My father’s family was half Choctaw and half Cherokee. I never really identified strongly with the ethnicity of my nuclear family when I was a kid, I always tried to tell people that we were “Mexican.” Mexico is a place… Mexicans are a people… They have Mexican accents, eat Mexican food, play Mexican music. And THAT was simple for me to communicate. My dad “looked” Mexican… Why not?
That was me… My sister, Cathy, was WAAAAAAAAAY into the whole American native identity, Dawes Roll, native language, all the way to our native ritual names.
In later years, Cathy told me about our genetics being kind of – well – “messy” and she was disappointed as she tested, researched, and discovered the details. It seems our genetics on our grandmother’s side (Choctaw) was actually heavily Euro influenced… On our grandfather was black Cherokee. A few generations ago some African-decent slaves probably made an escape into Cherokee tribal areas and integrated with them. In those days it was hard for slave owners to tell Africans from American Natives so the integration wasn’t all that difficult.
To help explain my sister’s disappointment, this was in the 1990’s and the Cherokee Nation was dis-enrolling black Cherokees. Yet – for as disappointed in this “complication” as Cathy might have been, I was finally energized. I was just granted instant connection with Jimi Hendrix, Eartha Kitt, and Rosa Parks! Hey. If you are related to Cat Woman you gotta love it, right! Cathy didn’t like her tribal rights to be placed in question by enrollment roadblocks, but I was finally excited about the “tribe.”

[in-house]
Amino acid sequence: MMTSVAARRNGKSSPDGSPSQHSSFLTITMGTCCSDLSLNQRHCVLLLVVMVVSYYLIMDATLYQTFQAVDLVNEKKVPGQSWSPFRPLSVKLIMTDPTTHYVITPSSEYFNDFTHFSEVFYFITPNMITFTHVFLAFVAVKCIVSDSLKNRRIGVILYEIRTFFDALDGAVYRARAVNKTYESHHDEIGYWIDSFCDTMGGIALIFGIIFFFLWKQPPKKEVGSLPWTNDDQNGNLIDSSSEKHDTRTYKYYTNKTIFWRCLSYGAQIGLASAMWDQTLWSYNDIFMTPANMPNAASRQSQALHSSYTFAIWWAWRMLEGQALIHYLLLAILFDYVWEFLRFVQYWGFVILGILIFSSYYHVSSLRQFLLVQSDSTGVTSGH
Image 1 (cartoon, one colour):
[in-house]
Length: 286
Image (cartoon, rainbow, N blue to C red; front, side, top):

By the way – To my sister’s relief, in 2007 the Cherokee Nation reinstated the “Freedmen” as they were called, and the tribe was whole again.
At long last I experienced the sense of tribal connection – albeit more complex than the simpler Mexican heritage I “spun” for us as a child – the actual blood connection and this “messy” part of American history was energizing to me.
In my supply chain leadership career, I have applied that experience as I often coalesced a “tribe” to connect people to an idea. Seth Godin (marketing guru, author, speaker) points out that the only things you need for a tribe is a shared interest and a way to communicate. He further teaches that to lead the tribe you simply need something to believe in, paint a picture of the future within the context of the tribal belief, and then endeavor to take the tribe there.
My OutSideIn concept of the day is – the power of the tribe. A marketing concept – directly applicable to supply chain leadership when multiple priorities compete for our attention as well as the attention of our critical business partners and the stakeholder groups for our initiatives.
One last quote from Mr. Godin “In a battle between two ideas, the best one doesn’t necessarily win. No, the idea that wins is the one with the most fearless heretic behind it.”
So when you are advancing an initiative with a solid microbrand campaign strategy, bring together your tribe, fearlessly point to the future, and take them there. The war paint is optional…
Until we meet again – I admire you for answering the call to fill the hands that heal.